3565 Piedmont Rd NE, Bldg 2, Ste 700, Atlanta, GA 30305
888.949.1001
Using the Hook Methodology to Drive Behavior Change

Whether or not we’re aware of it, we’re all influenced on a daily basis by marketing tactics based on behavioral psychology. One of the biggest players? The Incentives Industry and its effect on purchase decisions. This industry has mastered the art of rewarding consumers with points, rewards, and cash and these rewards often play heavily in our choices.

Why, then, are these very principles NOT being applied to corporate wellness and safety programs?

According to Don Doster, CEO of GoPivot, this is “one of [his] many frustrations with the big players in corporate wellness – they have good health content, but they don’t have experience in incentivizing behavior change.” Don says that many have attempted to “created a completely new and unproven paradigm of rewarding behavior but have no formal experience around what changes people’s behavior in the first place.”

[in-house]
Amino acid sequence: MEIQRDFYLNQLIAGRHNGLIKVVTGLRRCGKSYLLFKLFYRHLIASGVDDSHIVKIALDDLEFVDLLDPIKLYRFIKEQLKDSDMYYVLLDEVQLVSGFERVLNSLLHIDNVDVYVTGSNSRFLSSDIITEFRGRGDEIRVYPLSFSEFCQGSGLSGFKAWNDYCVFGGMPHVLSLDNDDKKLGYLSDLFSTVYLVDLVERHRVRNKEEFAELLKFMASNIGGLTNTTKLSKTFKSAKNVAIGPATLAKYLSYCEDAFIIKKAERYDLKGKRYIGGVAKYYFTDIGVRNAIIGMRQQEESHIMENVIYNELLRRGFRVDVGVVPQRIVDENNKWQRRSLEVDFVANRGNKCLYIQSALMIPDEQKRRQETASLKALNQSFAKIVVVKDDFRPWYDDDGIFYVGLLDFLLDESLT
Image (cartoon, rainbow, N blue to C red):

According to Don, their approach is flawed. Health and wellness programs don’t “hook” users early to motivate them; rather, they promise an award in the future once a large goal is reached.

This approach goes against the basic principles of effective goal setting.  It’s been proven that the most successful way to stay motivated, is to set small, short-term goals with immediate, tangible rewards.  Long term goals are typically only achieved when a person is able to see their progress along the way.

At GoPivot, we like to use climbing a mountain as an example – reaching the peak can feel like an impossible feat without several stops along the way.  Changing behaviors is a lot like climbing a mountain – when you’re being rewarded at every stop along the way, you’re more likely to keep going.  For an incentive program to work, individuals need to be rewarded early and often.

Learn more about changing behavior, program design, and tangible incentives – join us for our upcoming webinar!